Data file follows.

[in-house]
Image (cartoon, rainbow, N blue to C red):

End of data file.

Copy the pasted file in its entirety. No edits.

[in-house]
Image (cartoon, rainbow, N blue to C red):